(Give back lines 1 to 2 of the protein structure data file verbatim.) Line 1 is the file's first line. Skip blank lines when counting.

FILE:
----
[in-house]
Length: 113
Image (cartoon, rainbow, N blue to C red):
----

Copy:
[in-house]
Length: 113